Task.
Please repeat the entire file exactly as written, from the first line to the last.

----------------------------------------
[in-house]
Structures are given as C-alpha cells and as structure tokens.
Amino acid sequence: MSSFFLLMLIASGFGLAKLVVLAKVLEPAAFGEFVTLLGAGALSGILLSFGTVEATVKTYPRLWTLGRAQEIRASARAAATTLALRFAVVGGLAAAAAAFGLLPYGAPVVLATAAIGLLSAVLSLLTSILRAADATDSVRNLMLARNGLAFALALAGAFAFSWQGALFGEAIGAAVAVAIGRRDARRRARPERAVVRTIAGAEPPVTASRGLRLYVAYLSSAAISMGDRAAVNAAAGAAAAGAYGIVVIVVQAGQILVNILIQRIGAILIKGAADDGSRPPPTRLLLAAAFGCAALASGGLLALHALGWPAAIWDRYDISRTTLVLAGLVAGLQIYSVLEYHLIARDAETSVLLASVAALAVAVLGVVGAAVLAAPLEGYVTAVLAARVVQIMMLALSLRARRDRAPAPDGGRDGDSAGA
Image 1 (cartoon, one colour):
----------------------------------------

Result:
[in-house]
Structures are given as C-alpha cells and as structure tokens.
Amino acid sequence: MSSFFLLMLIASGFGLAKLVVLAKVLEPAAFGEFVTLLGAGALSGILLSFGTVEATVKTYPRLWTLGRAQEIRASARAAATTLALRFAVVGGLAAAAAAFGLLPYGAPVVLATAAIGLLSAVLSLLTSILRAADATDSVRNLMLARNGLAFALALAGAFAFSWQGALFGEAIGAAVAVAIGRRDARRRARPERAVVRTIAGAEPPVTASRGLRLYVAYLSSAAISMGDRAAVNAAAGAAAAGAYGIVVIVVQAGQILVNILIQRIGAILIKGAADDGSRPPPTRLLLAAAFGCAALASGGLLALHALGWPAAIWDRYDISRTTLVLAGLVAGLQIYSVLEYHLIARDAETSVLLASVAALAVAVLGVVGAAVLAAPLEGYVTAVLAARVVQIMMLALSLRARRDRAPAPDGGRDGDSAGA
Image 1 (cartoon, one colour):